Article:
I have very few spare minutes today. With aging comes an increased awareness of the fact that I no longer can successfully delude myself about my ability to multi task (see this link). Fortunately I can count upon my trustworthy student research team and student research assistants to get things done in an excellent and timely fashion. They make me look better than I am. As I learned today, I also can learn so much from my former students. As I have shared several times in articles on LinkedIn, there are a multitude of under recognized learning opportunities and resources within one’s workplace (see my thoughts by clicking this link). We all have pieces of a solution to puzzling problems.
My research team is sharpening their learning tools – and their minds— on the purported efficacy of “brain-training” programs (click here for more). Do they work? What are appropriate indices for assessing improvements? What claims do companies make for products related to brain training? How good are the studies cited? Are there differences in effectiveness as a function of age, expectations, or health of the customer?
During our first week together we have focused on team-building, assessing current critical reading skill abilities, and identifying what technology learning skills are most likely to advance our success. My research team created a Facebook group to facilitate communication among us. I would have chosen differently based upon my familiarity with the visionary work the past decade of Jane Hart identifying Top Learning Tools (click here for more about this). But I have already learned much about the strengths and weaknesses of this Facebook as a group communication tool.Nonetheless, I can learn much from those like my talented students whom I mentor .
Having identified several individuals knowledgable about brain-training interventions and aging (all Carroll graduates!), we soon will be drawing upon their expertise (and their generosity) via Skype interactions. (Thank you in advance, John and Michelle). Though I have used Skype in the past to communicate with educators in Lithuania and Turkey, with former students and friends in Nicaragua and England, and with a nephew and his beautiful family in Switzerland, I am well aware that Skype is an evolving tool. My learning never ends. Also, there are numerous alternative tools which can accomplish the same communication goal (click here for some examples). Also, I have Skyped across a number of machines (Mac, iPad, PC, and phone) and Skype ids! Hence, I posted on Facebook a request for help from individuals who might be willing to help me practice Skype. That you, members of my extended Carroll Facebook community.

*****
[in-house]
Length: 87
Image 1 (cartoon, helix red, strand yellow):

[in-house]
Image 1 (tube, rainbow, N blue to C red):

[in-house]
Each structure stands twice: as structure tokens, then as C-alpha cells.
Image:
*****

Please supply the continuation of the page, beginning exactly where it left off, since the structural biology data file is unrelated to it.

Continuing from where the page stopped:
Yesterday I practiced Skyping within my office suite with one of my research assistants (who playfully morphed into a space alien) –and I learned how to morph into a frog. Thank you, Tia! Now if I can only figure out how to turn off those camera effects:)
It dawned upon me at 5:30 this morning that there probably are excellent Skype tutorials available to me on the dramatically improved LinkedIn Premium account I have invested in (Thank you, CEO of LinkedIn Jeff W.). I was correct. However, as I was about to invest an hour of my precious time going through an excellent tutorial there, a former student—Luis (now in Virginia) reached out to me via Skype with an invitation to join him in a Skype session. We systematically reviewed and discovered capabilities of Skype I need to know. Thank you, Luis, for providing me with just in time learning.
Today I met with a very precocious first year student whom I first met when I interviewed her two years ago. Her mother and Aunt are both Carroll alumni. She taught me a lot even in my first sustained interaction. Thank you Deborah and Meredith for sending her my way.
Learning never ends. Don’t overlook the tremendous learning resources available to you by your reaching out to your employees, former students, and colleagues. Think outside your title and and outside your role.
I think it’s great to be able to appreciate the value that can come from stepping out of one’s title. This is a great notion to promote. Many people become bogged down (I think) by trying to constantly uphold a particular image that they believe is commensurate with their position or title. I believe, while there are times when this is appropriate, there are times when this limits thinking. I believe a large responsibility for someone with the privilege of having the authority that titles give us is knowing when to “lower the gates.”
Thanks for your thoughtful response.Inevitably there will be uneasiness initially as one steps outside one’s role.
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